Mark Hamm's book "The Spectacular Few: Prisoner Radicalization and the Terrorist Threat," published in 2013, provides insight into terrorist attacks that were led by men who had been radicalized behind bars. Other books by Hamm include "Terrorism as Crime: From Oklahoma City to Al-Qaeda and Beyond" and "In Bad Company: America's Terrorist Underground."
With their overcrowded conditions, extreme racial divisions and gang-influenced culture, American prisons are a breeding ground for radicalization — but that has little to do with religion, according to a University of Arizona alumnus who is an authority on terrorism and criminal subcultures.
Mark Hamm, a criminologist who has authored several books on the penal system and also has consulted with national and international counterterrorism agencies, drew a straight line from incarceration to radicalization in a 90-minute talk Thursday at the UA's College of Education, from which he is a graduate.
He said that although Americans may wish to blame Islam for the radicalization that often takes place behind barbed wire and high walls, the reality is something different.
"Islam does more good than harm behind bars," said Hamm, whose three-year study of U.S. prisons — notably California's Folsom State Prison — provided a revealing look at the seeds of radicalization. "The greatest thing it gives is the ability to conquer (idle) time."
Hamm, who once worked for the Arizona Department of Corrections and is a professor at Indiana State University, acknowledged that Islam is the fastest-growing religion in Western prisons and that 80 percent of all U.S. prison religious conversions are to Islam. Since 9/11, he said, a quarter of a million American inmates have converted to Islam.
Hamm also pointed to a recent New York Times story as evidence that prison radicalization is a serious problem. The story said two-thirds of 21 key players in the Brussels and Paris terrorist attacks had been radicalized while incarcerated.
However, Hamm made a clear distinction between radicalization and conversion. Radicalization occurs only under specific conditions of confinement, he said. Most conversions happen through friendship and kinship networks, his study found, and often are the product of one-on-one proselytizing by inmates who are perceived as leaders.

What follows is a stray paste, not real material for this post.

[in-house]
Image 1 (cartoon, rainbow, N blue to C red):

"Most conversions have a positive effect on inmate behavior," he said.
He noted that radicalization is not limited to Islam but also includes white-supremacy groups and similarly fringe organizations.
Prisons in the U.S. took a turn for the worse in the late 1980s, according to Hamm, when the crack-cocaine epidemic resulted in a sharp increase in mandatory sentences for drug-related offenses. For a time in the 1990s, an average of one prison a week was built in the U.S., and California alone built 30. The notoriously grim prison at Folsom was described as "criminogenic" by Supreme Court Justice Anthony Kennedy.
Prison is "a brutal, kill-or-be-killed environment, and that needs to change if something is to be done about radicalization," Hamm said. "There's no effort being made in prisons today to monitor radicalization — or even to rehabilitate inmates."
The U.S. military prison at Guantanamo Bay is a haven for radicalization, Hamm said. The prison once housed Said Ali al-Shihri, the late al-Qaida leader who was a mastermind of the 2008 attack on the U.S. embassy in Yemen.
"There is no more dangerous prison in the Western Hemisphere," Hamm said of Guantanamo, which President Barack Obama pledged years ago to close but remains open. "Gitmo is such a stain on the U.S., an albatross. We don't know how many former Gitmo detainees are out there (in society)."
The radicalization problem isn't limited to American prisons, either.
Current al-Qaida leader Ayman al-Zawahiri was radicalized via torture in Egyptian prisons, Hamm said, and the late Abu Musab al-Zarqawi, a militant Islamist, attempted to recruit fellow inmates in Jordan to help him overthrow that country's government. Richard Reid, the "shoe bomber" of 2001, was radicalized while imprisoned in the United Kingdom.